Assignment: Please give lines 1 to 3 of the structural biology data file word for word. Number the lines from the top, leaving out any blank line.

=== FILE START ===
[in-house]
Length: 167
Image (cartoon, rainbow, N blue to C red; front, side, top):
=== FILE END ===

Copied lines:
[in-house]
Length: 167
Image (cartoon, rainbow, N blue to C red; front, side, top):